A hunger strike was started today by two groups of protestors who say they will not eat until the government permanently cancels the coal-fired power plants in the South.
A total 19 activists from Save Andaman from Coal and the Network of Songkhla-Pattani Residents Against Coal-Fired Power Plants kicked off their hunger strike in front of the United Nation headquarters in Bangkok.
They are demanding the government put a permanent end to the proposed Krabi and Thepa coal-fired power plant projects
A prominent member of groups opposing coal-fired power plants, said the protesters are pledging to fight the coal-fired power plant projects by putting their lives on the line. They will sit at the UN headquarters and refuse to consume anything other than water in an act reflecting the highest level of civil disobedience against the government. The group in 2012 began their public opposition to the coal-fired plants.
In subsequent years of opposing the projects, the groups “have tried every campaign tactic to urge the government not to build harmful coal-fired power plants in Krabi and Songkhla’s Thepa District, but the government never really listened to us,” said Prasitchai. “So we have no choice but to sacrifice our lives to protect our beloved home.” He said he is sure that others will join their hunger strike and will not stop until the government complies with the groups’ demand. The coal-fired power plant groups also appealed to the international community to pay attention to Thailand’s plan to construct new coal-fired power plants, as burning coal creates environmental impacts on a global scale by intensifying climate change. In July 2015, Prasitchai and another Krabi coal-fired power plant protester, Akradej Chakjinda, had staged a hunger strike in front of the Tourism and Sports Ministry to demand the government stop the Krabi coal-fired power plant. They ended the hunger strike on the 14th day after Prime Minister General Prayut Chan-o-cha agreed to form a three-party joint committee to determine the fate of that project.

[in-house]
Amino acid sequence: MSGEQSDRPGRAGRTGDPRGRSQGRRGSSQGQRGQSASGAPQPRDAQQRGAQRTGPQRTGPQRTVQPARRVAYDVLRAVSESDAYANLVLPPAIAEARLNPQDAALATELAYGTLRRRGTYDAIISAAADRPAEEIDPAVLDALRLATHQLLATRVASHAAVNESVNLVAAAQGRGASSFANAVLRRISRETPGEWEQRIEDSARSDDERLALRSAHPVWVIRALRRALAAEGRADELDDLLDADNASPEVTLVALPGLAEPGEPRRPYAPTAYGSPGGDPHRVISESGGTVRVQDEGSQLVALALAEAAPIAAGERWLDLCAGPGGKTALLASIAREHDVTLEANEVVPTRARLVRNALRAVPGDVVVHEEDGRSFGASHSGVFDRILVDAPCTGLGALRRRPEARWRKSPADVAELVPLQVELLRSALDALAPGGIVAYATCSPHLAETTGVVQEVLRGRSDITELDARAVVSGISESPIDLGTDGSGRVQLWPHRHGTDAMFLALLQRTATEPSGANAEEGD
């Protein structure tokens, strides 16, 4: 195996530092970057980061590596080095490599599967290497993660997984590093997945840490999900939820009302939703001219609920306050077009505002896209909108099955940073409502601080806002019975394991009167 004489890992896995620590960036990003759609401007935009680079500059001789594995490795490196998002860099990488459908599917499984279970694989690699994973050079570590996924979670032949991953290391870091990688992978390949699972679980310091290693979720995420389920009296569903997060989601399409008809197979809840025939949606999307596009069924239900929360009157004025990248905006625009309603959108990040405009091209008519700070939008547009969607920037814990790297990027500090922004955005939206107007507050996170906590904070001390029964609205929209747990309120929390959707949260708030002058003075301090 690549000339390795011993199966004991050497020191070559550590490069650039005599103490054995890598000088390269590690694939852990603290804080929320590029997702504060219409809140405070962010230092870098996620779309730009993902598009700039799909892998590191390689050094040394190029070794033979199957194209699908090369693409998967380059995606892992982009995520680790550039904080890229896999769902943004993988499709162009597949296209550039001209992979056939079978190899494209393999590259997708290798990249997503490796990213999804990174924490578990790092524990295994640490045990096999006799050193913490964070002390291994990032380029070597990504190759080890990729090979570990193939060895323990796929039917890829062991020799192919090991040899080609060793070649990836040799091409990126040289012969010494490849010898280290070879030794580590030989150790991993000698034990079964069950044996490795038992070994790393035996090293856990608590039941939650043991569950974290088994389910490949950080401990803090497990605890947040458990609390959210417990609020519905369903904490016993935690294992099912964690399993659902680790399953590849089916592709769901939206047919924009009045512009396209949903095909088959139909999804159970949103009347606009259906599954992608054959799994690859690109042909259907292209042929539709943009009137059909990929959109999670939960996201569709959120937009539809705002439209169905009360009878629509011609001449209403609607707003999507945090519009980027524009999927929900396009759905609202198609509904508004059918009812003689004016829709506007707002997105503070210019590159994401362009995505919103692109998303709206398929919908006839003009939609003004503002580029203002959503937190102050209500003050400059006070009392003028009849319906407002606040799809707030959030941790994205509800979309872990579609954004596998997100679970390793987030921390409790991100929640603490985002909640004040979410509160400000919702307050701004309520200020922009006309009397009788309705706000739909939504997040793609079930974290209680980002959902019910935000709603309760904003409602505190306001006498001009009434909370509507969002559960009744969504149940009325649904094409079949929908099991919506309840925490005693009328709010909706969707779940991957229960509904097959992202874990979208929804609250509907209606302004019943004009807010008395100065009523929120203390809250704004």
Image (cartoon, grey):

However, discussions between the Energy Ministry, National Legislative Assembly, academics and local people on the joint committee failed to end the conflict. That led to another big protest against the Krabi coal-fired power plant in Bangkok in October 2016. The conflict has continued as the group tried other approaches to persuade the government to stop plans to produce power through burning coal.
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